A new ‘Tech-level’ qualification for vocational education was announced by the government today to sit alongside the A-level academic route.
They will run from next year and were described by Skills Minister Matthew Hancock as “unashamedly aspirational” — aimed at raising the status of vocational education in England.
Local employers will be asked to support Tech-levels either through work experience or by helping to design courses.
They will count towards the TechBacc, which measures the achievements of students taking vocational courses.
“With Tech-levels we will support the best technical qualifications, endorsed by employers, to help young people into the occupation of their choice,” he said.
“Tech-levels will recognise rigorous and responsive technical education. High-quality rigorous vocational education is essential to future prosperity, and the life chances of millions.”
He added: “These reforms are unashamedly aspirational and will ensure Tech-levels help people into apprenticeships and jobs.”
Meanwhile, the government announced the launch of “applied general qualifications” — vocational qualifications not directly linked to an occupation, but providing broader study of a vocational area which will need the backing of three universities.
The Association of Colleges said its research supported endorsement of qualifications by businesses and universities.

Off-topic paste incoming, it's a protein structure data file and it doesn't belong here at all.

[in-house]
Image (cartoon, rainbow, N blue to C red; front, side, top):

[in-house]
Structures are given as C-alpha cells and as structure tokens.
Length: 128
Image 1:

Gill Clipson, deputy chief executive of the association, said: “We support this call for endorsement, which will inevitably lead to changes in the way the system works.
“Exam boards will need to make sure that employer involvement in qualification development includes representation from national employers as well as from those representing small and medium-sized enterprises — without making exams more expensive for colleges and their students.”
The two new schemes are part of the government’s response to its consultation on the vocational qualifications which will continue to count in performance tables for colleges and school sixth forms.
Only those level three, or advanced, qualifications which have the support of businesses or universities will be included in new-look 16 to 19 performance tables from 2016, for young people taking courses from September next year.
The changes will mean that at least 80 per cent of the 5,000 current vocational qualifications will be scrapped from league tables, according to the government.
However, Shadow Junior Education Minister Tristram Hunt said the government was simply “playing catch-up” after “downgrading” the vocational pathway.
“After three years of the government downgrading vocational education, there are almost a million young people unemployed — it’s no surprise that David Cameron and Michael Gove are now desperately playing catch-up while Labour sets the agenda on skills,” he said.
“It is right that pupils have a choice of taking new vocational courses, but Mr Gove needs to reassure parents that it will be a gold standard to sit alongside A-levels and not an afterthought.”
The announcement follows Professor Alison Wolf’s report into vocational education which said that, “at least 350,000 young people in a given 16 to 19 cohort are poorly served by current arrangements. Their programmes and experiences fail to promote progression into either stable, paid employment or higher level education and training in a consistent or an effective way.”